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Double Broodedness of Important Bird Species of Central Poland

Paper Reviewed
Gladalski, M., Banbura, M., Kalinski, A., Markowski, M., Skwarska, J., Wawrzyniak, J., Zielinski, P. and Banbura, J. 2016. Effects of extreme thermal conditions on plasticity in breeding phenology and double-broodedness of Great Tits and Blue Tits in central Poland in 2013 and 2014. International Journal of Biometeorology 60: 1795-1800.

Noting the "the impact of climate changes on populations of birds has recently been under extensive study," as their contribution to this growing body of research Gladalski et al. (2016) set out to investigate the response of Great Tits (Parus major) and Blue Tits (Cyanistes caeruleus) to an extreme variation in spring temperature that occurred in central Poland between 2013 and 2014; the spring of 2013 was the coldest in 40 years, whereas the spring of 2014 was the warmest in 40 years.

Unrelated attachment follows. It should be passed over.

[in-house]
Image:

In accomplishing their objective, Gladalski et al. gathered data from two different habitats (an urban parkland and a deciduous forest) in Lódź (central Poland), which locations and data collection were part of an ongoing long-term study into the "breeding biology of hole-nesting birds occupying nestboxes." By comparing their observations from the two spring temperature extremes, the authors hoped to observe the effects of extreme thermal conditions on the plasticity of breeding phenology and double broodedness of both bird species.

In describing their findings, Gladalski et al. report that (1) "extremely low spring temperatures in 2013 (coldest spring in 40 years) resulted in birds laying [eggs] unusually late," and that (2) this phenomenon "was followed in 2014 by the earliest breeding season on record (warmest spring in 40 years)." Additionally, they found that (3) "the breeding date of Great Tits and Blue Tits turned out to be a flexible trait," that (4) "populations of both tit species may tune their egg-laying dates to diverse weather conditions by about 3 weeks," while (5) in some cases they have both early and late clutches. And in light of these findings they go on to conclude that (6) "such a buffer of plasticity may be sufficient for Blue Tits and Great Tits to adjust the timing of breeding to the upcoming climate changes."

Posted 3 April 2017